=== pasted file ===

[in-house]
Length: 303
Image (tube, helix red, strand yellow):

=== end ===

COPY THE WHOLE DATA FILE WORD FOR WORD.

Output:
[in-house]
Length: 303
Image (tube, helix red, strand yellow):